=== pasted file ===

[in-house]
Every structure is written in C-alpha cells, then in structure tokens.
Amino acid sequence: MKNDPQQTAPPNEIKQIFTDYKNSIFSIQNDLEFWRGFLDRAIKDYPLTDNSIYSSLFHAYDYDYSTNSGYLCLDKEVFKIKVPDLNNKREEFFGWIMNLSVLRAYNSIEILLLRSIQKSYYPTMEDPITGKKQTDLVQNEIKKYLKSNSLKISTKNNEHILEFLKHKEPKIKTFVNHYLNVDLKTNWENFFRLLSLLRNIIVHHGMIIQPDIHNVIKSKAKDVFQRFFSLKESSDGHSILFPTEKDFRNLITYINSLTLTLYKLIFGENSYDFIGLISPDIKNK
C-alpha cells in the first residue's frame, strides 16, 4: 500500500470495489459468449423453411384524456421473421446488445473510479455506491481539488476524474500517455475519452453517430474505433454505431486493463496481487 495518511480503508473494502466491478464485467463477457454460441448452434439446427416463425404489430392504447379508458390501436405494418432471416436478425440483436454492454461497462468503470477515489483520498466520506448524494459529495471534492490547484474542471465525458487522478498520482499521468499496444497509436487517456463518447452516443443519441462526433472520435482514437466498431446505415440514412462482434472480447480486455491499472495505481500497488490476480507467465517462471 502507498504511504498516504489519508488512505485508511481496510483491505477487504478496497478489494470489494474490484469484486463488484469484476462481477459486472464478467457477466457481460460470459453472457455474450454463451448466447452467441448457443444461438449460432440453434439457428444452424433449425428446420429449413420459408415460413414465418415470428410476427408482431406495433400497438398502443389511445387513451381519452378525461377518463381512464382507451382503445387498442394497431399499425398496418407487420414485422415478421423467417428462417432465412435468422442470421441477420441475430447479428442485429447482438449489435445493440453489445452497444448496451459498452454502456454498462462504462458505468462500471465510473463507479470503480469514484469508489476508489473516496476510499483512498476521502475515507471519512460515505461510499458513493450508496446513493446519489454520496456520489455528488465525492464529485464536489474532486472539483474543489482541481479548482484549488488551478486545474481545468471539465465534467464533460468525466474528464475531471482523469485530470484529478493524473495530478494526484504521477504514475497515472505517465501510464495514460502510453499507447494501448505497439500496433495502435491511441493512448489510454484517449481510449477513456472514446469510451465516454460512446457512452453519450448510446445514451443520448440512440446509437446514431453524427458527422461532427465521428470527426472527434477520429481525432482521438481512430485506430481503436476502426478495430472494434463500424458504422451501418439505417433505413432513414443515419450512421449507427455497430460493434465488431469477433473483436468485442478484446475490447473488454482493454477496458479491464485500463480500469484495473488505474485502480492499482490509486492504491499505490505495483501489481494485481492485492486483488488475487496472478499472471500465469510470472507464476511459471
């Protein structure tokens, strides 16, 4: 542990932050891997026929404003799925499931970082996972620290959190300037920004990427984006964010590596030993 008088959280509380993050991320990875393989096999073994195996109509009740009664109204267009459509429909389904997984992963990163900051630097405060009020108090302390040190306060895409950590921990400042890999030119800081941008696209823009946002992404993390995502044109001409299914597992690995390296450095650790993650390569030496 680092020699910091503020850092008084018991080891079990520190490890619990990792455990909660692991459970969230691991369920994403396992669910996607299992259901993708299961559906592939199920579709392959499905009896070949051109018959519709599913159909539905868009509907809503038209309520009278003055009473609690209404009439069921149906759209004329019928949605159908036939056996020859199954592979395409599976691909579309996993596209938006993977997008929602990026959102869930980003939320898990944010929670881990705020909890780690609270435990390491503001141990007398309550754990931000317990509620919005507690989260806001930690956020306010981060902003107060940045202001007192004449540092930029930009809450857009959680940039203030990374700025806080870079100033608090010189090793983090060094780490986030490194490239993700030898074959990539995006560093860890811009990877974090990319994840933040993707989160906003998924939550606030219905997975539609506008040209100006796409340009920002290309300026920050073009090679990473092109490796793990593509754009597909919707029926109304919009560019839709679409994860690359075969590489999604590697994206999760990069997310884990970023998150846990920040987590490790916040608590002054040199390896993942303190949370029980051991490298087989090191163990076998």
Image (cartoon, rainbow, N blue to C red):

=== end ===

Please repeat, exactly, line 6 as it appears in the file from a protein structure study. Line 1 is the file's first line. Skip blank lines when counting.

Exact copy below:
Image (cartoon, rainbow, N blue to C red):